Working with Text (Strings)

Modified on Mon, Dec 4, 2023 at 10:37 AM

Strings in Expressions

Working with Text: String Function and Facilities

Text is called a “String” and working with “Strings” is how to combine and alter text in Expressions.


Comparing Text


Text can be compared directly if the two Strings are supposed to exactly match:

              ${  row.lastName == params.findThisName ?  ‘Matches’ : ‘Does not Match’ }


If you are looking for text that only partially matches, several Boolean functions are provided to help you compare short pieces of text:

  • Contains – Returns true if the first String contains the second String.  Returns false if the second String is not found in the first String. rw:containsh(string,comparator}
    • E.g. rw:contains(row.courseCode,"701") -- Returns true if the course code contains "701". Returns false if it does not
  • startsWith – Returns true if the first String starts with the second String.   Returns false otherwise.    rw:startsWith(string,comparator}
    • E.g. rw.startsWith(row.homeroom, "2") - Returns true if the homeroom begins with a "2" and returns false otherwise
  • endsWith – Returns true if the first String ends with the second String.  Returns false otherwise.  rw:endsWith(string,comparator}
    • E.g. rw:endsWith(row.courseCode, "E") - returns true if the course code ends with an "E". Returns false otherwise.




Concatenation - There are several ways to concatenate Strings into a single longer String. Strings in multiple, separate Columns can be concatenated together in a single Expression column simply by including the Column references in the overall Expression text for the combined column. To concatenate columns into a single ‘string’, simply place each row-variable separately on the line. Note that if something is optional – such as a name suffix (“Jr.”, “Sr.”, “III”, “IV”…), you may need to include two or repetitive conditional expressions to add everything you need:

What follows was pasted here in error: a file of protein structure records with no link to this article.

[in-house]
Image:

• E.g. concatenate separate name fields together: ‘${row.honorific} ${row.firstname} ${row.middleName} ${row.lastName}${empty row. suffix ? '' :  ','} ${row.suffix}

 In this example, the test '${empty row.suffix ? '' : ', '}' determines if the "suffix" Column is empty. If it is, an empty String "" is added. If suffix is not empty, a comma is added: ", "

  • The suffix '${row.suffix}' is then added at the end: if it is empty, it will print nothing. If there is a suffix, it will be added after the comman. E.g. ", Jr."
  • All the listed expressions are concatenated together simply by being listed in the Expression text.
  • Another use for concatenation would be to add City, State Zip address lines: ‘${row.homeaddressCity}, ${row.homeaddressState} ${row. homeaddressZipCode}’
  • CAVEAT: ALL TEXT OUTSIDE OF EXPRESSIONS (outside of "${" and "}" brackets) is literal text. It is printed exactly as it appears. This includes all spaces, commas and newlines. "Empty" space is not empty - it is filled with blank characters and perhaps newline characters. These "invisible" characters are not stripped off: they are printed out exactly as they are encountered in the Expression text.


There are also four specific concatenation functions: